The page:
Eating fish has been shown to have many health benefits and the latest may be controlling arthritis symptoms, a new study concludes.
People with rheumatoid arthritis who consumed fish twice a week had lower disease activity, such as swollen and tender joints, than those who ate fish never to less than once a month.
The new study was published in the journal Arthritis Care & Research.
Increased servings of fish were linked with incrementally lower levels of disease activity, according to the study of 176 patients.
Frequency of fish consumption was assessed by a food frequency questionnaire assessing usual diet in the past year, the study said.
“If our finding holds up in other studies, it suggests that fish consumption may lower inflammation related to rheumatoid arthritis disease activity,” said Sara Tedeschi, lead author of the study and a rheumatologist at Harvard Medical School and Brigham and Women’s Hospital in Boston. “Fish consumption has been noted to have many beneficial health effects, and our findings may give patients with rheumatoid arthritis a strong reason to increase fish consumption.”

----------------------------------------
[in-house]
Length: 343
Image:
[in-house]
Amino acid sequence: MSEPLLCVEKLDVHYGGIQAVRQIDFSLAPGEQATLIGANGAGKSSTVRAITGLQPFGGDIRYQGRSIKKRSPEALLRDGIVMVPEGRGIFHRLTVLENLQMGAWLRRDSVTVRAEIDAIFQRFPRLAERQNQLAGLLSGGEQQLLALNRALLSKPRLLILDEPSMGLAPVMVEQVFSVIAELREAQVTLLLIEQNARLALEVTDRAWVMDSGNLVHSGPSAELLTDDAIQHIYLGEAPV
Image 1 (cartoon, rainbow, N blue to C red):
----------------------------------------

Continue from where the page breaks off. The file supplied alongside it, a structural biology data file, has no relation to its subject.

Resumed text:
It’s the latest study outlining potential benefits of eating fish.
Eating plenty of salmon, mackerel and sardines prevents Alzheimer’s disease by boosting blood flow, according to a recent study published in the Journal of Alzheimer’s Disease.
Using brain scans, researchers found that omega-3 fatty acids in oily fish can actually increase blood flow to the parts of the brain that control memory and learning. These are also the very same regions that are attacked by Alzheimer’s.
People who eat a lot of oily fish are also better at acquiring and understanding new information, the study said. They are also better at acquiring and understanding knowledge, the researchers found.